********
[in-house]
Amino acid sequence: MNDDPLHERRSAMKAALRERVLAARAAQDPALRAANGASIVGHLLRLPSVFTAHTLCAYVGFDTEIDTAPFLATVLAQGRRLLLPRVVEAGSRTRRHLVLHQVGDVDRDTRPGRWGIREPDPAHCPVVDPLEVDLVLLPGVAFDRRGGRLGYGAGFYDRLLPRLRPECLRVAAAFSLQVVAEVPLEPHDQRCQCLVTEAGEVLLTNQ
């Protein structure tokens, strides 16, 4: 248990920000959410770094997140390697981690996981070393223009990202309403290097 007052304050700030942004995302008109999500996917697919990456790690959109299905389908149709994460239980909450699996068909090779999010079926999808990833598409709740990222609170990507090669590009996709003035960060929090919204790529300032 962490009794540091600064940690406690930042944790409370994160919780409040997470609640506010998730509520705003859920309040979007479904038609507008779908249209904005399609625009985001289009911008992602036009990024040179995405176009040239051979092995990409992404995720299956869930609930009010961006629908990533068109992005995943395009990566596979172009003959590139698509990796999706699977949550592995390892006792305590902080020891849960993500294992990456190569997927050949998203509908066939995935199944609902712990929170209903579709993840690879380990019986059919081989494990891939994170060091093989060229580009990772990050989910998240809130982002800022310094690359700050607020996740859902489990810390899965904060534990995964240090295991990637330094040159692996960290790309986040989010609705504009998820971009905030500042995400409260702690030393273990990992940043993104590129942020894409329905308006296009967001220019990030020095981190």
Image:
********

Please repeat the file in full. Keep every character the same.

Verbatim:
[in-house]
Amino acid sequence: MNDDPLHERRSAMKAALRERVLAARAAQDPALRAANGASIVGHLLRLPSVFTAHTLCAYVGFDTEIDTAPFLATVLAQGRRLLLPRVVEAGSRTRRHLVLHQVGDVDRDTRPGRWGIREPDPAHCPVVDPLEVDLVLLPGVAFDRRGGRLGYGAGFYDRLLPRLRPECLRVAAAFSLQVVAEVPLEPHDQRCQCLVTEAGEVLLTNQ
């Protein structure tokens, strides 16, 4: 248990920000959410770094997140390697981690996981070393223009990202309403290097 007052304050700030942004995302008109999500996917697919990456790690959109299905389908149709994460239980909450699996068909090779999010079926999808990833598409709740990222609170990507090669590009996709003035960060929090919204790529300032 962490009794540091600064940690406690930042944790409370994160919780409040997470609640506010998730509520705003859920309040979007479904038609507008779908249209904005399609625009985001289009911008992602036009990024040179995405176009040239051979092995990409992404995720299956869930609930009010961006629908990533068109992005995943395009990566596979172009003959590139698509990796999706699977949550592995390892006792305590902080020891849960993500294992990456190569997927050949998203509908066939995935199944609902712990929170209903579709993840690879380990019986059919081989494990891939994170060091093989060229580009990772990050989910998240809130982002800022310094690359700050607020996740859902489990810390899965904060534990995964240090295991990637330094040159692996960290790309986040989010609705504009998820971009905030500042995400409260702690030393273990990992940043993104590129942020894409329905308006296009967001220019990030020095981190």
Image: